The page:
I love the generosity of the writer of the continuation of Sanditon (Jane Austen's last unfinished novel) in keeping a low profile so that the story remains attributed to the original author.  Unfortunately this book isn't widely available any longer, but is definitely worth taking the effort to track down if you enjoy Jane Austen's work.  In my opinion the continuation is almost seamless, and both style of language and plot are faithful to the original.
There is a stronger humour element here than in Jane Austen's major works - more in line with Northanger Abbey's gentle mockery of the Gothic style than Pride and Prejudice's social and relational irony.  The continuation perhaps takes the humour a little further than Jane Austen would have - I almost laughed aloud towards the end of the story as the varying threads are woven together, something I have never done in a normal Austen novel.
The story follows the experiences of Charlotte, who is visiting the seaside town of Sanditon, and her encounters with the various personalities who live there or visit for the 'season'.  At first sight not the most inspiring of storylines, but the relationships between the characters is what makes this - as with most other Austen novels.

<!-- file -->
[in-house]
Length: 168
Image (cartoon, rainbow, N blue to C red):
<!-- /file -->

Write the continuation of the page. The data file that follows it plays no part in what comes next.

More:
My only major criticism of the continuation is that there are several times when the writer makes use of phrases from other Austen novels - although not as often as some 'sequels' I've read.
I've been trying to discover a good continuation of The Watsons - another unfinished novel - does anyone have any suggestions?

Wednesday, 9 January 2013

Rosie Hopkins' Sweet Shop of Dreams

A bit of a departure from my usual genres takes me into Chick-Lit territory, somewhere I rarely venture but find more and more I enjoy - within certain parametres. Rosie Hopkins' Sweet Shop of Dreams by Jenny Colgan is certainly an easy going read, a good strong plot without being overly complicated and characters you want to spend some relaxed time with.  Looking at some of the other titles by Jenny Colgan, I'm not I'd enjoy them as much - but then Blurbs can be highly deceptive.  For style of writing, I would enjoy reading more of her books, but I'm not sure if the setting - a small village community in Derbyshire - is actually the main reason I found the book entertaining.  There is a lightness of touch in the development of the story - and the romance - that is definitely appealing and a deep sympathy with the characters and their situation that made it unputdownable for me.  The weaving together of the two stories of two women in different eras (WW2 and modern) is done very well and enhance each other.
The love scenes are subtle and the swearing of characters feels appropriate although there is a fair amount of strong language to watch out for if you don't like that sort of thing.
If you like sweets - old fashioned or modern - there is plenty in here to make you raid your snack cupboard while reading, and if you're really adventurous there are several recipes included for things like Tablet which you might like to make once you've been able to put the story down.
So, worth a try if you feel like a light romance and life story.  I shall have to try another of Jenny Colgan's books to know if she'll become a favourite author.